This new journey begins at the Historial Charles de Gaulle, for a meeting with the great freedom fighter but also the politician, president of a France on the move, in a turbulent 20th century. It is in this interactive and immersive memorial, built like an invisible monument in the basement of the musée de l'Armée, that the thread of Charles de Gaulle's story unfolds.
It is in the prestigious setting of the Hôtel national des Invalides that the Museum of the Order of Liberation tells the story of the Compagnons of the Libération and that of its founder and Grand Master, in a room entirely dedicated to him.
In particular, an exceptional collection of French and foreign medals and decorations can be seen there. With 93 decorations, General de Gaulle is one of the most decorated personalities in the world and the most distinguished Frenchman abroad.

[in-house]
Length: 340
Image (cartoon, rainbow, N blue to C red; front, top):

He is also the only Head of State to have created three distinctions: the Order of Liberation, the Resistance Medal and the National Order of Merit.
The Liberation of Paris, General Leclerc Museum, rich in priceless collections, tells the story of the Parisian Resistance, that of Jean Moulin and all those anonymous people who fought for their freedom. And that of General de Gaulle who inspired their fight.
Mont-Valérien is a place of emotionally charged memory, sadly associated with the history of Paris during the Second World War and dedicated to the dead of the 1939-1945 war.
The Memorial of Fighting France was inaugurated on 18 June 1960 by General de Gaulle.
Intended by Napoleon Ist to glorify his soldiers and his victorious campaigns, the Arc de Triomphe, beyond the historical dimension, remains one of the most emblematic monuments of Paris and the privileged witness of the great events which made and still make the History of France. Welcomed in victory by Parisians who had just been freed from the yoke of the occupying forces, General de Gaulle took refuge on 26 August 1944 in front of the tomb of the unknown soldier, this brave among the brave, who died during the First World War.
After solemnly rekindling the flame, he walked down the Avenue des Champs-Elysées to the cheers of the crowd.
To celebrate this event, a statue of General de Gaulle, created by Jean Cardot, was erected on the initiative of the Association des Français Libres near the Grand Palais.